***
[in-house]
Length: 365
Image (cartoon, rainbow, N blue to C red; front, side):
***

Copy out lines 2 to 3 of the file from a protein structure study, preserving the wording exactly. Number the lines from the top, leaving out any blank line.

Length: 365
Image (cartoon, rainbow, N blue to C red; front, side):